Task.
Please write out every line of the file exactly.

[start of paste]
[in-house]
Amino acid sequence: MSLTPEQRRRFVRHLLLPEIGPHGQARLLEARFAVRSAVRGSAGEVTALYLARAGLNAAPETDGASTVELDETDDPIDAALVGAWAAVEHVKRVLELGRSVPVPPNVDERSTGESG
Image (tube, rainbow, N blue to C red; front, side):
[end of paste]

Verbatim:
[in-house]
Amino acid sequence: MSLTPEQRRRFVRHLLLPEIGPHGQARLLEARFAVRSAVRGSAGEVTALYLARAGLNAAPETDGASTVELDETDDPIDAALVGAWAAVEHVKRVLELGRSVPVPPNVDERSTGESG
Image (tube, rainbow, N blue to C red; front, side):